BEREA, Ohio — The race for the White House in Ohio appears to have a clear front-runner, at least on the Democratic side.
According to a new poll released this week by Baldwin Wallace University, former Vice President Joe Biden is the leader in the state's Democratic presidential primary with a 32% plurality of the vote. That's 11 points ahead of the current second place challenger in Vermont U.S. Sen. Bernie Sanders (21%), with the next-closest contenders in Massachusetts U.S. Sen. Elizabeth Warren (11%) and former New York Mayor Mike Bloomberg (10%) even further behind. The margin of error is +/-5%.
The results are a huge gain for Biden, who despite heavy scrutiny from fellow candidates and sometimes less-than-stellar debate performances has mostly maintained his top spot in the national Democratic polls. A previous Emerson College survey conducted back in October showed him in a virtual tie with Sanders, the latter of whom lost Ohio by 14 points four years ago to eventual nominee Hillary Clinton.
While Biden is clearly the biggest winner here, the poll also had some good news for Democrats in general: If the election were held today, 44% of Ohioans said they would vote for the Democratic nominee no matter who it is, compared to just 39% for President Donald Trump. While 16% were still officially undecided, it shows some cracks in Trump's foundation after he won the swing state by eight points over Clinton in 2016, and 45% of respondents said they were "almost certain" to vote against the president come November.
When it comes to Trump in general, the results are even more divided: 48% of Ohioans say they either "strongly or somewhat" approve of the presidents job performance, compared to 47% who disapprove. In addition, 47% of people believe Trump should be removed from office (including 14% of Republicans), while 46% do not. Trump was impeached by the U.S. House of Representatives last month and is currently facing a trial in the Senate.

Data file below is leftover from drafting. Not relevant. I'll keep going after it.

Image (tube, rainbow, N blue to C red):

On what issues matter most to them in the presidential election, Ohio voters chose the economy (31%) as No. 1, followed by national security (23%) and health care (also 23%). The top response could be good news for the president, who has often received his highest marks for his economic policies. 72% of Ohioans also believe the economy has either gotten better or "stayed about the same" in the past year, while 67% gave the same responses when looking ahead to the next 365 days.
Baldwin Wallace's poll is the first of four "Great Lakes" surveys that will be conducted in conjunction with Ohio Northern University as well as Oakland University in Michigan. Voters were also contacted in Michigan, Pennsylvania, and Wisconsin.
You can view the full results of the survey and the methodology behind them below: